He died in 1970 in Wangi Wangi. The sole beneficiary of his estate was the Sir William Dobell Art Foundation, which was founded on 19 January 1971.
A film of Dobell's life, titled Yours sincerely, Bill Dobell was made in 1981 by Brian Adams and Cathy Shirley for the Australian Broadcasting Commission and the William Dobell Art Foundation. Brian Adams' book Portrait of an Artist – A biography of William Dobell was first published in 1983 by Hutchinson Publishing Group and revised in paperback in 1992 for Random House Australia.
A book on the life and art of William Dobell, William Dobell: An Artist's Life by Elizabeth Donaldson, was compiled in 2010 with the support of the Sir William Dobell Art Foundation and Dobell House, in Wangi Wangi. It is published by Exisle Publishing.
In 1943, Dobell's portrait of Joshua Smith, titled "Portrait of an artist", was awarded the Archibald Prize. This was contested in 1944 by two unsuccessful entrants, who brought a lawsuit against Dobell and the Gallery's Board of Trustees in the Supreme Court of New South Wales on the grounds that the painting was a caricature and therefore not eligible for the prize. Public opinion was sharply divided, with most viewers puzzled by the unexpected portrait.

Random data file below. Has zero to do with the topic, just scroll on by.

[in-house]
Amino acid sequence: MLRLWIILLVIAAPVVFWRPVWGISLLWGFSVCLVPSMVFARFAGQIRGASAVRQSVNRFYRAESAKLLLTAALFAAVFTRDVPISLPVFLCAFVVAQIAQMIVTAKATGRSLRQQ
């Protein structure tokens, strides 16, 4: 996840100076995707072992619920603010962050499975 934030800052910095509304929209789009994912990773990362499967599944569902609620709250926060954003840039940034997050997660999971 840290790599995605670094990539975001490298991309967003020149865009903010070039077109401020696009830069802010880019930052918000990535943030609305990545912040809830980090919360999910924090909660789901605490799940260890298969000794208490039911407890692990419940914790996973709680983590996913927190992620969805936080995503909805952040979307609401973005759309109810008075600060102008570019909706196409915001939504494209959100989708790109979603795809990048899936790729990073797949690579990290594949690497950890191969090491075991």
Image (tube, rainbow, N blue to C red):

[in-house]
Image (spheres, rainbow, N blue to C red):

One art critic was highly laudatory:
- Creating a man in the simplicity of everyday existence, Dobell reaches profundity by his understanding of this life which, at this instant, is realized and merged with his own nature.
The claim was dismissed and the award was upheld, but the ordeal left Dobell emotionally disturbed and he retreated in 1945 to his sister's home at Wangi Wangi on Lake Macquarie, where he began to paint landscapes. The Supreme Court opinion by Mister Justice Roper said:
- The picture in question is characterized by some startling exaggeration and distortion, clearly intended by the artist, his technique being too brilliant to admit of any other conclusion. It bears, nevertheless, a strong degree of likeness to the subject and is, I think, undoubtedly a pictorial representation of him. I find it a fact that it is a portrait within the meaning of the words in the will, and consequently the trustees did not err in admitting it to the competition.